Every Thanksgiving my Mom's side of the family gathers in Texas for a reunion.  I try to go every year that I can.  Usually the only thing that prevents me is having a baby.  Our baby having days are behind us now.  Yet for some reason I had the strongest sense that we were supposed to stay home this year.  I don't understand why.  The last time I had this strong of a feeling was the last Thanksgiving my Grandfather was alive.  And I missed it.  But it was also the season that God answered our prayers and allowed us to conceive Noah, our oldest son.  We had been unable to have children for three years.  And then God blessed us. 

So here I am in Kentucky, praying for safe travel for my parents as they go West.  I am puzzled, yet peaceful.  I know this is where we are supposed to be. 

I love how traditions weave memory and personal history into our lives, reminding us who we are, the stuff we are made of, the places we come from.  I don't necessarily have a bunch of traditions, but I do have stories, and they do the same thing for me.  One of my favorite Thanksgiving stories is from the first Thanksgiving Tim and I spent in Fort Myers, Florida when I was working as an Associate Pastor at a church down there.  I was heartsick for Kentucky and Tennessee.  For the life of me I couldn't figure out why God would bring me to a place without hills, trees (sorry my Florida friends; I didn't think palm trees counted at the time), and seasons.  We were alone on the holiday dedicated especially to family.  We were still growing into the understanding that we could be enough family with only the two of us.  Homesick and hot, we decided to go to the beach, just because we could.  As Tim and I walked on the sand, listening to the gentle splash of waves, the wind blowing in our hair, I told him I needed to start a new tradition just for us.  Something I could hold onto that would make Thanksgiving special again, and make my heart a little less lonely.  I told him about an elderly neighbor from my childhood who would fry refrigerated biscuits in oil, drain them and cover them with sugar.  By the time we dusted the sand off our bare feet and loaded towels and sunscreen back in the car I had him convinced.  We stopped at the 7-11 on the way home and bought refrigerated biscuits dough.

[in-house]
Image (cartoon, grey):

Of course reality rarely matches memory.  Especially for someone who knows nothing about frying anything in oil.  I got the oil too hot.  While the doughnuts looked nice and evenly brown on the outside, they weren't so done on the inside.  The first bite Tim took was the last as our new tradition went in the trash as quickly as the raw biscuit dough did.  Fourteen years later Tim still likes to have a little fun reminding me.

Tonight I'm thinking of that memory fondly.  Because I find myself in the same place again.  I am here, home,  wistful for the company of family there.  I trust God has His reasons. And I feel oddly at peace about being here.  Like this is the right place for us.  I also feel contently nestled in the family that feeds my soul each day--three sweet boys that keep me smiling and a husband who is truly my beloved. 

Tonight while Tim went to a men's ministry event at our church, the boys and I stayed home.  Noah asked if we could watch the Charlie Brown Thanksgiving video and eat popcorn.  I gave in.  I thought it would be something special we could do on our Mommy's night in.  I smiled as Snoopy served Peppermint Pattie popcorn for Thanksgiving dinner.  My three stair-step boys sat on a blanket in front of our TV eating their own bowls of popcorn, laughing because Peppermint Pattie kept calling Charlie Brown "Chuck."  I sat there feeling thankful for the peaceful, precious moment, thankful that the popcorn had been cooked just right.  Snatching a piece  from Noah's bowl I told him how special this memory was for me.  He asked me when I had ever done this before.  I said I hadn't ever done it before, that the memory was being made right in that moment.  

Tonight I am thankful. I can't help but compare this Thanksgiving to that other one so long ago.  During that time, and the years that followed, so much within me was just chaos and turmoil.  I just didn't know yet how rich and wonderful the life I was living would turn out to be.  I had no idea the woman I would become or the joy my future children would bring.  I couldn't even imagine how precious and important the relationship with my husband would grow, or how powerfully our bond could sustain me in hard times.  And I had no understanding of the peace God could bring, even in the face of my own unfulfilled wants or desires.  I had no way to know how deep thanksgiving could go.  And now I don't know if popcorn and Charlie Brown will make it to be a Wilson Thanksgiving tradition, but it is a beautiful memory, a sweet reminder to me of how God's love redeems and rewrites our lives for us, bringing us to a place of peace and hope. 

This is me,